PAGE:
While the chief labored furiously to improve the IDF’s image, he also worked to improve his own. He refused to grant interviews to the media, while holding numerous “background” meetings with journalists and giving many public speeches. The message was clear: The man in charge is focused not on words but on action. My only job, he was fond of saying (to me and others), is to make sure that after Israel’s next war nobody would need to ask who had won. Ashkenazi used the Israeli public’s need for correction after Lebanon very effectively to his advantage. The government approved substantial additions for the defense budget, many officers involved in the fiasco worked extra hard to compensate for their mistakes, motivation for service in combat units sky-rocketed among new recruits. Olmert played along, assuming that the only way to slightly improve his beaten public image would be proven military successes—the strike that destroyed the nuclear reactor, but also two mysterious assassinations of a Syrian general and his Hezbollah counterpart, airstrikes against Iranian weapon convoys in Sudan, and most important, Operation Cast Lead, a small-scale war against the Hamas regime in the Gaza Strip in December 2008.
Cast Lead was marketed as the ultimate test of a new, improved IDF that had learned from its mistakes in Lebanon. Both the prime minister and the IDF leadership had chosen the target very carefully. Hamas was much less a formidable foe than Hezbollah. When it provoked Israel, after the collapse of an informal ceasefire along the Gaza border, the army reacted forcefully. This time, the IDF was well-prepared. The Southern Command, led by another tough-guy, Maj.-Gen. Yoav Galant, handled an organized ground offensive that pushed Hamas fighters to underground hideouts in the Gaza City center but avoided a final confrontation, which could have cost Israel more casualties. When a new ceasefire was announced three weeks into the operation, most Israelis were satisfied, and their faith in the IDF’s capabilities was restored (though not their trust in Olmert’s leadership). Gabi Ashkenazi was Israel’s most popular public official. The IDF’s skilled spin doctors managed the perfect stunt: The army killed many Arabs (about 1,300), hardly suffered any casualties (13, almost half of them from friendly fire), and the soldiers came out of Gaza smelling like roses.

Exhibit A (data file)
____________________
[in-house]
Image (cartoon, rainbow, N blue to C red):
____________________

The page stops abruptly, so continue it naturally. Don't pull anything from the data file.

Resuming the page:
Several weeks passed before a more complicated picture was established: A large number of Palestinian casualties, it turned out, were civilians. Then came the Goldstone Report—exaggerated, biased against Israel, later revealed to be deeply flawed (by, among others, its own author)—but at the moment of publication quite damaging. The result: growing anti-Israeli sentiment in the West, along with demands to prosecute IDF officers as war criminals at the International Court in Hague.
The IDF has definitely improved since 2006, but not to the extent that the Israeli public believes. Cast Lead was not a real test for the army’s capabilities. However, that operation might be closer to the sort of challenges the IDF will encounter in the near future, as Syria collapses and Hezbollah continues to export its influence and fighters outside Lebanon.